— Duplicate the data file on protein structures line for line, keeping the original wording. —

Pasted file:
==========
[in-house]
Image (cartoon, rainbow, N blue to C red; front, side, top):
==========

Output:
[in-house]
Image (cartoon, rainbow, N blue to C red; front, side, top):